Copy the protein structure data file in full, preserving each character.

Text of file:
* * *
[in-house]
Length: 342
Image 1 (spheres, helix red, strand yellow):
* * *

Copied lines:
[in-house]
Length: 342
Image 1 (spheres, helix red, strand yellow):